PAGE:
The Diablo Range is recovering well from its 2020 mega-fire. But other parts of the state have not been so lucky. Why is the Diablo Range different and how can we keep it that way?
By Bruce and Joan Hamilton
After generous late-fall rains, the Diablo Range is hastening its recovery from the massive 2020 Santa Clara Unit (SCU) Lightning Complex fires. If you head out to the fire footprint, you’ll see oaks pushing out new leaves, black chaparral sticks swamped by new growth, and grasslands so green it’s hard to tell there ever was a fire.
If the rain keeps coming, a spectacular display of wildflowers could emerge this spring.
Wildlife is resurgent in areas hit by the SCU, too.
- A post-fire study on East Bay Regional Park District lands shows higher wildlife diversity and occupancy estimates in burned areas than in unburned areas, particularly for bobcats, gray foxes, and black-tailed deer, not to mention wild boars. Why? Perhaps it’s easier for predators and prey to see each other and move around in the burn, says wildlife ecologist Sue Townsend.
- A park-district study in the Ohlone Wilderness found that most small vertebrate species survived the fire. Total snake and amphibian captures in the area declined post-fire, but total lizard and mammal captures increased—fence lizards and deer mice significantly.
- A U.S. Geological Survey study found that 36 of the 37 golden-eagle pairs known to be nesting within the SCU fire perimeter returned in 2021.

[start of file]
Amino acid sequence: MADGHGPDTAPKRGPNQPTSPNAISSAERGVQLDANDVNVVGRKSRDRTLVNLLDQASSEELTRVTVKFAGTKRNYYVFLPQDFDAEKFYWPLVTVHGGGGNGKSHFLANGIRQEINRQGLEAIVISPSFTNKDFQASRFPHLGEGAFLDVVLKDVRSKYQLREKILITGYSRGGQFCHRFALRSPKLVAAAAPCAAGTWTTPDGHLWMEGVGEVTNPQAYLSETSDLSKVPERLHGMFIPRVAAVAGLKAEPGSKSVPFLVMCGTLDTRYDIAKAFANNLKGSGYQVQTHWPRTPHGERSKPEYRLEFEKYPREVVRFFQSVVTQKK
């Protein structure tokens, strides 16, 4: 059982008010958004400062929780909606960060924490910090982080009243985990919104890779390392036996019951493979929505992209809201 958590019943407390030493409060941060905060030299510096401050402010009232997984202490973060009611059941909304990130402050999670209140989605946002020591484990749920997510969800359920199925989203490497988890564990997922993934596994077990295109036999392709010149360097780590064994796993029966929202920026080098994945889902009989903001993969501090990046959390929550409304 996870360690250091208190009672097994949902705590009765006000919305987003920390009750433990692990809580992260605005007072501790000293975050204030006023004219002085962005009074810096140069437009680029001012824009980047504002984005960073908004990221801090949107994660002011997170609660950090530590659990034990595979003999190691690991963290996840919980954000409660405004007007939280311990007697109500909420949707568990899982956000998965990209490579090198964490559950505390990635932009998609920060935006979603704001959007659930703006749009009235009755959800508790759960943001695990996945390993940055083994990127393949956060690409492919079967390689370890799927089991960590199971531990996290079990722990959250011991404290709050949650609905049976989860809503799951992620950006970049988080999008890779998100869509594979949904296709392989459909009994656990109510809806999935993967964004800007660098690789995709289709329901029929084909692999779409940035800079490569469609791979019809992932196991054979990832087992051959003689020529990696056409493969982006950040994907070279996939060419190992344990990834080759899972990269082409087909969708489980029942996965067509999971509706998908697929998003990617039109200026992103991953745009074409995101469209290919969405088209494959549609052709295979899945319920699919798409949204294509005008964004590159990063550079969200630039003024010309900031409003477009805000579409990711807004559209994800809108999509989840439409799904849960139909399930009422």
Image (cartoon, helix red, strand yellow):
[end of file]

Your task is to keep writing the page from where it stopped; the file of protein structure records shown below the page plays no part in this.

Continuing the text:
These and other data demonstrate, yet again, that California’s native flora and fauna can bounce back from fire. Looking statewide, however, it’s also becoming evident that there are limits to that resilience.
Two Fires of Similar Size
Around the same time the Diablo Range was burning almost 400,000 acres in the southern part of the Inner Coast Ranges, the LNU Lightning Complex Fire was burning more than 360,000 acres in the northern part of the Inner Coast Ranges in Napa, Sonoma, Yolo, Lake, and Solano counties. Oak woodlands are recovering in both places. But another important plant community, shrubland or “chaparral,” was hard hit in the LNU.
Frequent fires have caused “a wholesale loss of chaparral on a lot of the LNU landscape,” says Hugh Safford, a research ecologist at the University of California at Davis. “It’s been replaced by (non-native) grassland.”
This ecological transformation, called “type conversion,” can lead to even more frequent fires. “We’ve seen conversion going on for decades and decades in southern California,” Safford says. “But it’s now made its way to northern California.”